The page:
Dante Bichette was my favorite player growing up. There really wasn't a close second, though Vinny Castilla would have been the choice until Todd Helton came along.
With that out of the way, I've obviously been hoping for many years that Dante would be back in the Rockies fold in some capacity before all was said and done. That it's happening now as the hitting coach is really very exciting.
Forgot the fact that this coaching staff could be in place for just one season — that won't be the case because they will inevitably improve with better health, and ownership will be convinced things are headed in the right direction regardless of the truth — I'm just happy to have a guy in place who truly understands the unique situation he's walking into, and can draw on past experiences to aid his teaching.
But as I mentioned on Twitter after the announcement was made...
I have little doubt Dante Bichette will give great hitting advice. Who listens and how it's used is up the players. The end. #rockiesDon Baylor had experience at Coors Field, too, and seemed to struggle putting gameplans together for Rockies hitters. What that means, if anything, I honestly don't know, but he's done at least a decent job in Arizona and obviously knows hitting, The sure difference, though, is with Bichette you have a guy who has stood in that batter's box at Coors Field hundreds of times, has made his own adjustments on the road, and has his own feel for the proper mental approach.
— Mark Townsend (@Townie813) November 13, 2012
That's a positive step up.
Despite some really ugly swings when his best guess was wrong, Bichette also had great instincts.
But Bichette's greatest quality was that he never gave away an at-bats, especially with two strikes. Bichette, for my money, is the best two strike hitter in last 20 years. As great as Helton is in the same situation I'm not sure he ever surpassed Bichette. I don't care how wrong that is, either, because it's money.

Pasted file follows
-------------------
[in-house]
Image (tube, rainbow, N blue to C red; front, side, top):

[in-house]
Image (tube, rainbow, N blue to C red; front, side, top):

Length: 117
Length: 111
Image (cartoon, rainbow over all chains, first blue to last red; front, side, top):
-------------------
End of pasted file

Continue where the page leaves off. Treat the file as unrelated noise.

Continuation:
But the reason Bichette and Helton excel with two strikes is because they value each and every opportunity they get. They make the adjustments they need to on the fly just to prolong an at-bat and maybe capitalize on a mistake. That really is and was the art and beauty of their game. Now, when you hear and read scouting reports for Dante Jr. and even Beau Bichette, you know it's either in the genes or Senior is really good at getting his message across.
Bottom line, under Bichette, there will be no excuses on offense. He will have them prepared as best he can. He'll send the right messages. You can bet he's going to have them watching a lot of video. And it wouldn't surprise me if their first assignment at spring training is reading The Science of Hitting by Ted Williams.(Dante read that book countless times throughout his career.) It will be up to the players to listen, learn, adjust when necessary and execute.
Now we just need to find a pitching coach/director/instructor/whatever that can boast the same experience and success from the pitching side of things. Sadly, that guy isn't out there, but I'm feeling really good about the lineup.
Oh, and let's also trade for Dante Bichette Jr. just to cover all the bases here.